Scarcely an issue of EW has come out lately, without an article, op-ed or gaggle of letters condemning ugly “development” in one part or another of our “most livable city.”
Sure, even with ecologically hazardous subdivisions around Hendricks Park, a massive new set of high-end apartment blocks along River Road, a pathetically overbuilt Hayward Field and the frighteningly-named “Campus for Accelerating Scientific Impact” along Franklin, Eugene will still appear more livable than Los Angeles. But how close to Los Angeles do we want to get?
Portland, my hometown, has become a “Little L.A.” Now I hear planners talking about Eugene becoming a “Little Portland.” Like that would be a good thing?
There’s time to stop a lot of the planned “development,” if we dig in. “Development” mainly benefits for-profit (often out-of-state) corporations. And a moment’s reflection reveals that it has a very negative effect on your peace and happiness.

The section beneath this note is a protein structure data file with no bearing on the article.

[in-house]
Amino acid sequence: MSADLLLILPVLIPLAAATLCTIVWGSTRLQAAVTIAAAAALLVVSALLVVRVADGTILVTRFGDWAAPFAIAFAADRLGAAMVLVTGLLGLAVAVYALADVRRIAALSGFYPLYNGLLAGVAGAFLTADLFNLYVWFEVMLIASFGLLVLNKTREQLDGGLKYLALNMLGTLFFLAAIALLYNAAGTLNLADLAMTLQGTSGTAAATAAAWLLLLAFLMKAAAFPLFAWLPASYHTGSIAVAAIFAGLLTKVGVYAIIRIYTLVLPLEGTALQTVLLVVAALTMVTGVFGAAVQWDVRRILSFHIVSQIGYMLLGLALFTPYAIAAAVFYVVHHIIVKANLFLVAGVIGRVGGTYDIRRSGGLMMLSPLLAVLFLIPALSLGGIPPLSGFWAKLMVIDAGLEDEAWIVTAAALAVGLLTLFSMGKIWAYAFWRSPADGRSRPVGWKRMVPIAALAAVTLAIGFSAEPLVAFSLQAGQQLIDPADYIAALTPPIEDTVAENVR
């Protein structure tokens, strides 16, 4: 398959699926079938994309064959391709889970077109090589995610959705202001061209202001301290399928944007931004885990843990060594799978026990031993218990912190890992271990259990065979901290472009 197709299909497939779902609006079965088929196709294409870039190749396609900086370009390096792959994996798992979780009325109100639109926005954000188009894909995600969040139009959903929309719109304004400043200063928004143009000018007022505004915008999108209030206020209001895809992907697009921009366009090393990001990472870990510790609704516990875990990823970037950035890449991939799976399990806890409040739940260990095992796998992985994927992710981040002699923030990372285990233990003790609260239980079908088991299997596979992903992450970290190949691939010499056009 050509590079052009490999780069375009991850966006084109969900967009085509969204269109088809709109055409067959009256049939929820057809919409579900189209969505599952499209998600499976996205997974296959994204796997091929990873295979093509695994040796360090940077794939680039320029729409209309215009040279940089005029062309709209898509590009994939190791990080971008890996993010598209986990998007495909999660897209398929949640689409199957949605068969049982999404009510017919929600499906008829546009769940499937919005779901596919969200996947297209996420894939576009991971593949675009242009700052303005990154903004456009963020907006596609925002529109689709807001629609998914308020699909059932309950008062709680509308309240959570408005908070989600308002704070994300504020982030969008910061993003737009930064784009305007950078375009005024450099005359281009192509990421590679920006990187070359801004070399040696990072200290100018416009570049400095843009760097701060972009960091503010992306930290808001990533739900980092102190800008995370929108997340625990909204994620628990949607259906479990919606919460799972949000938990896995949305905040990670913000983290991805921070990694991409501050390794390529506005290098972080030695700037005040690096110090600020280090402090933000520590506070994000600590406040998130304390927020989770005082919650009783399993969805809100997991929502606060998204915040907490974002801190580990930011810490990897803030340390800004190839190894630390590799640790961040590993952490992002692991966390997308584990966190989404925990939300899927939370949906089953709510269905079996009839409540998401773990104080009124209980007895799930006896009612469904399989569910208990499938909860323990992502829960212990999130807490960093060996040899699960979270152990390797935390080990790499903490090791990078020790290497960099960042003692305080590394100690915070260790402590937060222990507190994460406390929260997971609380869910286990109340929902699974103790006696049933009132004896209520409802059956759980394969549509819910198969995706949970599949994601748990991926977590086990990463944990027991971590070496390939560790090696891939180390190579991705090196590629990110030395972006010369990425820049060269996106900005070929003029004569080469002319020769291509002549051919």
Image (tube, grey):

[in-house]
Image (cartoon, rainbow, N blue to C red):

Housing the homeless is one thing, but housing rich climate refugees is another, and we shouldn’t have to sacrifice our happiness for theirs.
Pat Farr has declared that “Envision Eugene” mandates huge, ugly apartment blocks because it limits expansion of the urban growth boundary. But there are other options, like eliminating fees and assessment increases for “accessory dwellings” (mother-in-law homes in backyards).
Limitless growth is madness, anyway.
It’s time we envision a city that gets prettier each year, not uglier. We need not be bound by bad decisions made years ago. It’s time to rethink “Envision Eugene.”